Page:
Insider: Reykjavik

1. Religious Experience Reykjavík"s most notable landmark is Hallgrímskirkja (Church of Hallgrímur) - a swooping white structure built to resemble a glacier and topped by a 240-foot-high steeple that can be seen from anywhere in town; take the elevator to the top for the best views of the city. The 1,200-seat Lutheran church gets a lot of attention, yet the Icelanders" sentimental favorite house of worship is the simpler and older Dómkirkjan, beside the Parliament building. To the people of Reykjavík, Hallgrímskirkja is a church, while Dómkirkjan remains the city"s cathedral.

2. Saddle Up Shaggy-maned Icelandic horses are a natural mode of transportation for seeing the Icelandic countryside. Their small stature, disproportionate strength, and accommodating natures make them manageable enough for beginners yet spirited enough for experienced riders. Ishestar, a tour company based in nearby Hafnarfjörd¯ur, runs short horseback tours to lava fields, geysers, parks, volcanoes, and even the Blue Lagoon (see No. 6). Longer, more rugged tours are also available; go to www.ishestar.is.

3. Sculpture in the Park Wherever you turn in Reykjavík you"ll encounter sculpture by Iceland"s major artists. Don"t miss Jón Gunnar Arnason"s Sun Voyager on the pedestrian walkway along the north shore. Einar Jónsson"s powerful allegorical works and Asmundur Sveinsson"s sleek modernistic pieces can be found in several public spaces around Tjörnin - the city"s central lake. The fine sculpture gardens outside the Jónsson and Sveinsson museums are free and open year-round, even when the museums are closed.

4. Members Only Tired of the usual museum? There"s always The Icelandic Phallological Museum, perhaps the world"s only institution devoted to the mammalian phallus. Here you will see 142 specimens of penises and penis parts from virtually every kind of land and sea mammal found in Iceland. (The specimen from Homo sapiens will arrive, via bequest, sometime in the future.) "Somebody had to do this and it just fell to me to start collecting," says curator Sigurdur Hjartarson.

5. Good Sports If Icelanders look at you funny when asked about team handball, it"s probably because they can"t believe a non- European could have the slightest interest in their erstwhile national sport. Ignore their bemusement and go see a game; there"s one almost every night from late September through May. A blend of basketball, hockey, and soccer, team handball is a high-scoring game packed with body checking, fast breaks, and kick saves. Top Icelandic players go pro in bigger countries such as Germany or Sweden. Even so, you"ll find plenty of good local action, and get a chance to mix with the spirited fans.

6. Soak in It Iceland is a nation of bathers, and swimming and soaking in Reykjavík"s geo-thermally heated outdoor pools and "hot pots" is a popular activity. To truly immerse yourself in Iceland, however, you must visit the Blue Lagoon, a steamy hot spring of opaque turquoise water surrounded by black lava rock (above). The water, whose color comes from blue-green algae and white silica mud, is supposed to ease psoriasis and promote well-being. Locals slather on the mud and let it dry to a ghostly mask before rinsing clean. A word to the wise: Coat your hair with conditioner before taking the plunge because Blue Lagoon water works wonders on your skin but makes your hair feel like steel wool.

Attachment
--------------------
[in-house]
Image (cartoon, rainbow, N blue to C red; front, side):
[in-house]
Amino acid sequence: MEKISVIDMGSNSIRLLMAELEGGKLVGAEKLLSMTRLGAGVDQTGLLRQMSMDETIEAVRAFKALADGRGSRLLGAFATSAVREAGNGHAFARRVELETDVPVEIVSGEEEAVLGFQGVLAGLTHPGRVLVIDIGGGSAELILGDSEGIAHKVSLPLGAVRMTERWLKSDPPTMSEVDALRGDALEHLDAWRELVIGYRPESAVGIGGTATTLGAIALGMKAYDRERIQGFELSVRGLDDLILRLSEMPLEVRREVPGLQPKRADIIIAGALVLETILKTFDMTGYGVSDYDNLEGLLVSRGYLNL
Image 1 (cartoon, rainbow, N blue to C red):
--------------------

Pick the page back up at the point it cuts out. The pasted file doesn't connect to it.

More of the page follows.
7. Buy In Reykjavík"s main shopping street is Laugavegur, and it covers the city"s old town from end to end. Here you"ll find high-quality souvenir shops, specialty stores, and restaurants. Galleries and crafts shops are clustered on Skólavörd¯ustígur, along with the Handknitting Association of Iceland shop, where wool sweaters made by more than 200 island knitters are piled high. (Get a tax-free voucher for purchases over 4,000 kroner, about $40.)

8. Cafe Life Coffeehouses have been part of the Reykjavík social scene since the first espresso was brewed at Mokka Kaffi in the 1950s. Today there are dozens of cafés in town, each with its own personality and clientele. Most are open from early morning until about 11 p.m. Mokka Kaffi, on Skólavörd¯ustígur, remains much the same as when it opened - small and cozy, with interesting artwork on the walls. It also serves creamy hot chocolate and warm waffles with cream and jam. For more of a scene, try the popular Café Paris on the town square.

9. Bjork - and Beyond Like modern Icelandic painting, modern Icelandic music is, for many foreigners, a "love it-hate it" proposition. (Consider the iconoclastic Björk, who put Iceland on the world"s popular-music radar.) If you love it, or think you might, visit the Icelandic music section of any record shop in town - Japis and Skífan are two of the bigger ones - to find CDs you can"t get at home. The current darling of Icelandic electronic music is the mystically glacial Sigur Rós, with the slightly more energetic group múm running a close second.

10. Going Green When you"ve had your fill of fried puffin and rare reindeer steak, try Reykjavík"s other local cuisine - vegetarian. At A Næstu Grösum (First Vegetarian), you can get a hearty, healthy meal for under $10, a bargain you"d be foolish to ignore. Everything is super fresh (most of it"s grown in geothermally heated greenhouses outside the city), the menu changes daily, and the clientele ranges from grannies and kids to green hardliners.